An Interview with Joseph Lappie
By Lauri Apple in Arts & Entertainment on Nov 22, 2008 8:30PM
In addition to running a printing press, participating in the Allegoric Space collaborative project and earning his MFA in the Book and Paper Arts, Chicagoan Joseph Lappie also produces straight-up paintings and drawings. Tonight Lappie's Before There Was Us And Them There Was We, a solo show, opens at Bucktown's the Believe Inn (2043 N. Winchester) from 6 to 10 p.m. The show is a collection of new drawings, prints and paintings that focus on relationships between the self and others, communicative constipation in word and deed, and other themes. "What's this about constipation?" You ask. Read on.
Chicagoist: What sort of things will we see in this new show?
Joseph Lappie: This show is a bit of a break from what I have been doing for the past few years. Lately I’ve incorporating text and multi-media/installation style work together with traditional visual work, creating three-dimensional prints and artist’s books. This show is focused more on straight 2d visual art. It’s predominantly new material: Three large drawings on handmade paper and placed on Masonite cutouts, a couple of new relief prints, a few old prints, a couple of new paintings, one new book, a couple of old books, some little army people…and I think that’s about it.
Chicagoist: Where did you learn to draw, and when?
JL: The easy answer is that I have been drawing since I was a young boy. I distinctly recall hours spent tracing comic books at home, sea battles doodled at church, and new G.I. Joe designs penciled during class. This went on in one form or another all throughout elementary and high school.
The rub is that I wasn’t very good at it. Sure, I made lines, and those lines vaguely resembled my intentions, but inevitably I was always unhappy with the results. One could argue that I was just a kid, and that learning to be interested in making the mark is the important first step -- and refining comes later (which I do believe to be true). But it took a long time before I could competently draw (well past undergraduate schooling), and there are still days when I am racked with self-doubt. Instead of letting this feeling wear me down, I’ve made it one of my strongest reasons for continuing to create art.
I’m at a point now where I feel confident about my “style” and my work in general, but all of the final results come through hours, days and weeks of first drawing crap. It makes me a better artist if I occasionally fail. I don’t need to get it on the first go-around. It forces me to grow and continue to evaluate my skills.
What I mean is that I am still actively learning.
C: Can you tell us more about "communicative constipation"? Has the concept changed as you have developed your work?
JL: Communicative constipation is the inability to either internally or externally realize one’s emotional expressiveness. It’s a figurative clogging-up of excessive feelings. You cannot emote to others, which then leads to stressed relationships. The lack of healthy expression causes inner confusion, so that you eventually don’t know what you yourself feel. Or worse, you do know what you feel, and have forgotten how to let it out. You become a gray person.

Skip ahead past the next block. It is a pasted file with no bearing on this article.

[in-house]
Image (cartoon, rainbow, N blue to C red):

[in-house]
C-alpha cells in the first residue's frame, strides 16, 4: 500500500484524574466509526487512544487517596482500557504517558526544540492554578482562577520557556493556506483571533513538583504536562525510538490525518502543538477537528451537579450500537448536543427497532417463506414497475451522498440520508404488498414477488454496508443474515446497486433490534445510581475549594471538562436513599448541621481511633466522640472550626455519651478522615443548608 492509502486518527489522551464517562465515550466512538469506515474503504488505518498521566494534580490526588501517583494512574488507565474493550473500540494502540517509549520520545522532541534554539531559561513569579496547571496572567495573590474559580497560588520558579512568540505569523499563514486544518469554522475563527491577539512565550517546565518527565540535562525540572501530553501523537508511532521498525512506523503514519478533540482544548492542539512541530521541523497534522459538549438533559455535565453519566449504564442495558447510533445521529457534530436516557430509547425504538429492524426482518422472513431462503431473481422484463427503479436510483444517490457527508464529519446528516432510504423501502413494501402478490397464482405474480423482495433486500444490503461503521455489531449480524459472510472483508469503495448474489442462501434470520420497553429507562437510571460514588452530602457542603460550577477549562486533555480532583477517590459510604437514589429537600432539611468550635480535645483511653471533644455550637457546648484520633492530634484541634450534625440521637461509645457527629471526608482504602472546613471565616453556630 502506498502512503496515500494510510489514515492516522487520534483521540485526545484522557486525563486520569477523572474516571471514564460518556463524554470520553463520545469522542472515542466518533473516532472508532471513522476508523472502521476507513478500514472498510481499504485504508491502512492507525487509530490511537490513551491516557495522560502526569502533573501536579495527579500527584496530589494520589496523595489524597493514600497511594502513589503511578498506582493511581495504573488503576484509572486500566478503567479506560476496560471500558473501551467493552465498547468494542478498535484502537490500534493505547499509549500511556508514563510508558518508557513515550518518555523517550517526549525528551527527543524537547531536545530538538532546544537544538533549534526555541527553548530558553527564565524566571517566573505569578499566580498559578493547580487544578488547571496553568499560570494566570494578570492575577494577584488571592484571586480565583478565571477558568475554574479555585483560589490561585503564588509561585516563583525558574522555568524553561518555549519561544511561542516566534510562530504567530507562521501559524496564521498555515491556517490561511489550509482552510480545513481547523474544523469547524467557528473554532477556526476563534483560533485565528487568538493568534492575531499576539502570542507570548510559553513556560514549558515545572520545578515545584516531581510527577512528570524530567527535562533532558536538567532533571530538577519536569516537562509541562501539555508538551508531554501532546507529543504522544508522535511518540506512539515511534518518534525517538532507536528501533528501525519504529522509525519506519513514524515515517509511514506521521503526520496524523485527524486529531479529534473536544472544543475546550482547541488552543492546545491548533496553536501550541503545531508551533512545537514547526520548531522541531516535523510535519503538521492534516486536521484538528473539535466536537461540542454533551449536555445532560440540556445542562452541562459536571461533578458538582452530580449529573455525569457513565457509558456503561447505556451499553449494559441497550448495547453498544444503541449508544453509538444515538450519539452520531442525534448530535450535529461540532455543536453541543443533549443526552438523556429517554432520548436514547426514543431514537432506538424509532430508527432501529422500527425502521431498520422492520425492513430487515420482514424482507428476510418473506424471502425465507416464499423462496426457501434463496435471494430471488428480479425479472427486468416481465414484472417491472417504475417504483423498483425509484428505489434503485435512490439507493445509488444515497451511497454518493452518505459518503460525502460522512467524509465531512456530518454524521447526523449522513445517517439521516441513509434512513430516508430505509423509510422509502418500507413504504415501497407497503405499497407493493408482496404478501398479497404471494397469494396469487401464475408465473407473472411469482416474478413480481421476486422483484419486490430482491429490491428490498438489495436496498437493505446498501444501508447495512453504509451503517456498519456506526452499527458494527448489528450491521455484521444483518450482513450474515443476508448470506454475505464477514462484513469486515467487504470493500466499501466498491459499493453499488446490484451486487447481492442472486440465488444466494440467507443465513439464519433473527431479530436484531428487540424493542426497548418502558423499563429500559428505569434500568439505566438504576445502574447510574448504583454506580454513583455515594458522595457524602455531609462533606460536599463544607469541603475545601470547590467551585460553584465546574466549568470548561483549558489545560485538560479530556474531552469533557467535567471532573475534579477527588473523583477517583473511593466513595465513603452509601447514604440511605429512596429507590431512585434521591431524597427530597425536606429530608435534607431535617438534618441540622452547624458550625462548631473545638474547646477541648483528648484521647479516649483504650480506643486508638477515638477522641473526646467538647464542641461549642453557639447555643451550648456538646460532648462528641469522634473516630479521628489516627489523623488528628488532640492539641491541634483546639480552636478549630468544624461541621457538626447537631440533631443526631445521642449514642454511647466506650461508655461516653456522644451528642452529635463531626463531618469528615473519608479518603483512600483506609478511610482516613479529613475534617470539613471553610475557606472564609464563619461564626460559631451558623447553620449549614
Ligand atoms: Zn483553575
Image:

It is not a lack of relation -- there’s still empathy, still anger, and even understanding inside. It just has some trouble being set free.
The concept has changed. I’ve been working around it for about five years. In the beginning it was more about the external communicative qualities and less about the internalized, unaware, but very present emotion that it is becoming. There has also been a substantial development in the visualization of how it is shown. Some of my early etchings just have weird expulsion coming from the facial orifices of figures. That is still a big part of how I interpret the idea, but now different expulsions mean different things: aloofness, identity dissipation, determination, etc. The animal heads are also symbolic of the “true” personality, or more specifically, a dominant “truth” to a personality.
C: What are some of your main sources of inspiration?
JL: Comparative mythology is a major source of inspiration. I’ve spent the past several years researching the works of Joseph Campbell and Sir James George Frazer -- studies on humanity’s development of faith, religion and community. Jung’s theories on archetypes and the perceived categorization of people is another. I’m not a spiritual man, but I often wonder about the connectivity of life, how we can sometimes be or feel so alone and at the same time be so very present. Space, science, psychology, individual morality and ethics all play a part in the development of my work.
I’m a person watcher, so seeing how people hold themselves, and carry their weight (both physical and emotional), is a visual source of inspiration. Artistically I draw from the early 20th century Austrian expressionists, from comic books and vintage photography, and from illustrations of fairy tales. I guess I also look at a lot of animal heads.
C: How did you come to settle on animal-people as a subject?